By building the platform around the student you can recommend learning pathways instead of dictating curriculum. It amounts to a zero-friction mechanism for students to study what they find valuable and build on their inherent strengths. It also enables some incredible new possibilities. An impoverished student, for zero cost, could follow the education of a wealthy student blessed with the world’s best tutors. An avid science student could follow in the educational footsteps of his favorite astronaut or nobel laureate.
Tying personal goals together with successful pathways to achieving those goals creates an ecosystem where students feel like they’re working toward something, not just taking exams in a scholastic vacuum. Learning becomes applicable. Visualizing the educational process provides additional motivation. By depicting the milestones passed and milestones ahead, you give students a sense of building accomplishments every step of the way. Such a system begins to tie into the powerful game mechanics that have made games like World of Warcraft so engrossing.‡ ‡ Though earning ‘experience points’ alone doesn’t amount to a full game mechanic, it is one essential piece of the compulsion-loop puzzle.
Visualizing the totality of a student’s education gives them, their parents, their future employer and their nation a truer portrait of their skills. It shows their passions, their strengths and their weaknesses. Having such a wealth of data to visualize would help us move away from using diplomas as a stand-in for an education toward visualizing the shape and character of the education itself.
The Distributed Classroom
But weren’t we talking about the proliferation of inexpensive, connected, handheld devices? Yes, we were. Let’s get back to that.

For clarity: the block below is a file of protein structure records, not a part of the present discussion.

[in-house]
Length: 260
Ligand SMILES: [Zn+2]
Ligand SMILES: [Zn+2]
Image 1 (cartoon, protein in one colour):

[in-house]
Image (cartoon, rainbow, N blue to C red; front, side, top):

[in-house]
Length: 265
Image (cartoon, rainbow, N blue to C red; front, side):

With a personalized coursework of the commons available any time and any place, directed content and assessment can be provided outside the classroom setting. Students will be able to learn from anywhere: from the home, a public library, a place of business or from a public or private educational institution. Anywhere a sufficient wireless signal can be found, a personalized and contextual learning experience can be delivered. Awesome.
We’re nearly there, but as Devin Coldewey pointed out in his recent Techcrunch article: “Students must learn, true, but they must also be taught.”4 So what effect will all this have on the role of the teacher? One of the bigger challenges facing our educational system is a lack of human resources. There just aren’t enough great teachers to go around. There are a few brilliant individuals who manage to put up with the less than stellar paycheck and working conditions. But even when they do our current system tragically limits their reach: thirty students per period, six to eight periods a day. That’s two hundred and forty students a year if they’re running themselves ragged. Finding a way to scale the reach of our teachers is a daunting hurdle.
It is exactly the proliferation of inexpensive, powerful, connected devices that will finally change that. These devices will enable teachers to hold court in thousands of locations around the world, simultaneously. Apple’s iTunes U, a source of free, pre-recorded college lectures from some of the most esteemed universities in the world, has had incredible success on mobile devices:
“It seems that mobile devices have had a huge part to play in the surge in popularity of iTunes U, doubling its number of downloads in the past year… recent figures show that almost a fifth of the Open University’s iTunes U visits arrive via an iPad.” 2
In the hands of students, these portable, robust devices will allow teachers to live-stream their lectures anywhere in the world while receiving real-time questions and feedback from students listening in. Does that seem overwhelming? Well, imagine the time a teacher would save if he/she didn’t have to deliver the same lecture to six to eight classes a day. If the lecture were only delivered once, the teacher could instead focus on fielding student questions and providing one-on-one attention where needed. “When a teacher doesn’t have to be consumed with delivering content they can become a coach and a tutor to the students and help them on an individual basis.” 1
Courtney Cadwell, a teacher in the Los Altos School District uses a “blended” teaching approach, combining Khan Academy’s brilliantly composed online lectures with various in-person instruction and tutoring:
“When the Khan Academy aligns well with our 7th grade pre-algebra curriculum, I find myself using the Flex Model by allowing Sal Khan to deliver the direct instruction via his online videos as I provide support by way of one-on-one tutoring and flexible grouping based on student needs.” 3